Friday, March 20, 2020


What to do with that little piece of leftover layout? A cemetery can fit any size space. Adjacent to a church is a logical place. Gravestones are bits of styrene painted various shades of grey (good use for bread bag closure tabs). Crosses can be cut from white plastic canvas material (I use 7 mesh, which is 7 squares per inch).

Thursday, March 19, 2020

Weed Sprayer

Here is an easy-to-make weed sprayer for your M.o.W. crew.

  • Materials needed:
  • Life-Like track cleaner car
  • Matchbox Rainmaker irrigation tractor
  • Two small brad nails
  • Decals: Microscale 87-1012
  • White (Elmer's) Glue
  • BB shot

Obtain a Life-Like track cleaner car. These are readily available on eBay (try this search) or swap meets. Remove the cleaning pad from the bottom, and the sidewalls on either side of the tank. Put a squirt of white glue into the tank, and add BB shot to get the weight up to spec (4 oz.) Then another squirt of glue, and tip the car back and forth so all the BB shot is glued in place and won't roll around. Paint as desired. Remove the caboose section to add window glazing if desired. 

Obtain a Matchbox Rainmaker irrigation tractor (try this search). Remove the two spray arms.

Drill two small holes through the deck of the car for the hinge pins, which are two small brad nails inserted up through the bottom and glued in place. Add a short piece of wire in the first stake pocket to act as a retainer to hold the spray arms closed which car is in transit. Slide the spray arms into place, and that is all!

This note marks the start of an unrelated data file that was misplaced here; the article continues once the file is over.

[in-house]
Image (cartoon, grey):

"Weed Spray" decal can be found in Microscale set 87-1012.

Push the weed spray car along your track tank-end first, so the operator (in the cupola) can see to operate the spray arms, and retract them from obstructions.

spray arms in closed position

Tuesday, February 18, 2020

Blue Flag Protection for your layout

If you use panel switches to control blocks of track, this is a familiar problem. You come to the train room, turn on your power pack, and - surprise! A locomotive starts off down the layout unexpectedly, because you left a block switch engaged last time around. This can be a big hazard, as the locomotive can head off for big trouble before you can react to stop it.

Here is my solution: a modified form of “blue flag protection”. It consists of a vitamin pill bottle, a toggle switch, a blue LED, a 1K resistor, and a 9 volt battery. The switch just turns the LED on, that is all.

The concept is that the lit LED indicates a possible unsafe condition. When I begin operating, I turn the LED on and place the device at the exit of the train area. When finished operating, I see it on my way out; and the rule is that I cannot turn if off until all locomotives are secured - in other words, all panel switches set to neutral so any locomotives on the layout are disconnected from the power packs.

This ensures that on power-up next time, there will be no runaway trains.

(This is conventional cab control, using DPST switches controlling each block). 

Saturday, January 18, 2020

Easy pipe load for Tyco flats

You've seen the Tyco 40' flat car with its three giant pipe sections. They are wayyyyy too large to be believed, and they tend to roll off anyway.

photo: eBay seller nikiship